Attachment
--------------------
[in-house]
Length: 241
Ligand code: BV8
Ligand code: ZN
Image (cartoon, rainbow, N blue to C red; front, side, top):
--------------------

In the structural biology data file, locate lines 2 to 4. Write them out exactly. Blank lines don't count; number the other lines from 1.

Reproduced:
Length: 241
Ligand code: BV8
Ligand code: ZN